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Battles & Leaders of the Civil War

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BRAGG'S INVASION OF KENTUCKY.

BY JOSEPH WEEELER, LIEUTENANT-GENERAL, C.S.A.

GENERAL BRAGG succeeded General Beauregard in command of the Confederate troops at Tupelo, Miss., about fifty miles south of Corinth, on June 27th, 1862. The field returns of June 9th, a week after our army reached Tupelo, reported it at 45,080.* This return included the Army of Mississippi, reenforced by the troops brought from Arkansas by Generals Price and Van Dorn, together with detachments gathered from various localities. About two thousand cavalry not included in this return also belonged to the army. This was the maximum force General Bragg could expect to concentrate at that point. General Halleck, immediately confronting Bragg with the armies of Grant, Pope, and Buell, had in and about Corinth a force of 128,315 men, of which the field return of June 1st showed 108,538 present for duty. A division reporting 8682 for duty, under the Federal General George W. Morgan, was at Cumberland Gap; a division with 6411 for duty under General Ormsby M. Mitchel, was in north Alabama, and three brigades were located at Nashville, Murfreesboro', and other points in middle Tennessee. Bud soon started en route to north Alabama, General Halleck remaining at or near Corinth with seventy thousand men for duty, a force strong enough to hold Corinth and west Tennessee, while Buell could menace or even invade Alabama or north Georgia.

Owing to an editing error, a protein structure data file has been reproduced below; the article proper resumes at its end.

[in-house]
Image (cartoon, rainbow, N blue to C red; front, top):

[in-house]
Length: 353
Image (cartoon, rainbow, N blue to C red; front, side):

The changed condition of the opposing armies during four months should now be considered. In January, 1862, the Confederates had held all of

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*To prevent misconception, and to avoid frequent repetitions, I will here state that throughout this paper when I mention the figures of field returns of Confederate troops, I shall always include all officers, all non-commissioned officers, and all privates who are reported present for duty. J. W.


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